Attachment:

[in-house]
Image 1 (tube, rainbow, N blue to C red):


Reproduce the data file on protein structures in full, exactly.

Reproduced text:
[in-house]
Image 1 (tube, rainbow, N blue to C red):